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'Tahlequah' by Dominique Knowles in conversation with Professor David Gruber Subscribe to Alerts

Since early modern Europe, animals in the West have been reduced to machines, raw material and spectacle, devaluing their lives while creating an anthropocentric hierarchy. To counter this narrative, Dominique Knowles's Tahlequah is a tribute to the profound sentience among non-human animals including their capacity to mourn and show empathy for one another. Among them are the eponymous orca Tahlequah, who carried her stillborn calf along with her for seventeen days, and Flint, a chimpanzee who died out of grief for his dead mother.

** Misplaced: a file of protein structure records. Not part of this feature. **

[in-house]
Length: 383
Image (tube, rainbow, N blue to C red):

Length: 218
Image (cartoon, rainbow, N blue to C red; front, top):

Dominique Knowles (Bahamian, b. 1996) lives & works in Chicago, IL. Knowles received both his MFA in Painting as a New Artist Society Award scholar in 2020 and his BFA in 2017 from The School of the Art Institute of Chicago.

Professor David Gruber is an American marine biologist, a Presidential Professor of Biology and Environmental Sciences at Baruch College and Ph.D. Program in Biology, Graduate Center, CUNY.

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